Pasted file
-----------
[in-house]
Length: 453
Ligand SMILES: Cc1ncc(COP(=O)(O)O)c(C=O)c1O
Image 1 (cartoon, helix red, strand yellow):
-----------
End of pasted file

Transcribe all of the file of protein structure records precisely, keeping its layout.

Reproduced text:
[in-house]
Length: 453
Ligand SMILES: Cc1ncc(COP(=O)(O)O)c(C=O)c1O
Image 1 (cartoon, helix red, strand yellow):